When the officials met in Dan's study that day, their characters were unmistakable. That they were both in harness was also clear. The minister's favorite chair creaked in dismay as the Judge settled his heavy body, and twisted this way and that in an open effort to inspect every corner of the apartment with his narrow, suspicious eyes; while the older churchman sat by the window, studiously observing something outside. Dan experienced that strange feeling of uneasiness familiar to every schoolboy when called upon unexpectedly for the private interview with the teacher. The Elders had never visited him before. It was too evident that they had come now upon matters of painful importance.
At last Judge Strong's wandering eye came to rest upon Dan's favorite fishing-rod, that stood in a corner behind a book-case. The young man's face grew red in spite of him. It was impossible not to feel guilty of something in the presence of Judge Strong. Even Elder Jordan started as his brother official's metallic voice rang out, "I see that you follow in the footsteps of the early disciples in one thing, at least, Brother Matthews. You go fishing." He gave forth a shrill, cold laugh that--more than anything else--betrayed the real spirit he laughed to hide.
This remark was characteristic of Judge Strong. On the surface it was the mild jest of a churchman, whose mind dwelt so habitually on the sacred Book, that even in his lightest vein he could not but express himself in terms and allusions of religious significance. Beneath the surface, his words carried an accusation, a condemnation, a sneer. His manner was the eager, expectant, self-congratulatory manner of a dog that has treed something. The Judge's method was skillfully chosen to give him this advantage: it made his meaning clear while it gave no possible opening for a reply to the real idea his words conveyed, and forced his listener to an embarrassed silence of self-condemnation, that secured the Judge in his assumed position of pious superiority.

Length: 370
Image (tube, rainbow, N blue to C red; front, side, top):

Dan forced a smile. He felt that the Judge's laugh demanded it. "Yes," he said, "I am scriptural when it comes to fishing. Dr. Oldham and I had a fine day at Gordon's Mills."
"So I understand," said the other meaningly. "I suppose you and the old Doctor have some interesting talks on religion?"
It was impossible not to feel the sneering accusation under the words. It was as impossible to answer. Again Dan's face flushed as he said, "No, we do not discuss the church very often."
"No?" said the Judge. "I should think you would find him a good subject to practice on. Perhaps, though, he practices on you, heh?" Again he laughed.
"Ahem, ahem!" Elder Jordan gave his usual warning. Dan turned to the good old man with a feeling of relief. At least Nathaniel Jordan's words would bear their face value. "Perhaps, Brother Strong, we had better tell Brother Matthews the object of our call."
The Judge leaned back in his chair with the air of one about to be pleasantly entertained. He waved his hand with a gesture that said as plainly as words, "All right, Nathaniel, go ahead. I'm here if you need me, so don't be uneasy! If you find yourself unequal to the task, depend upon me to help you out."
The minister waited with an expectant air.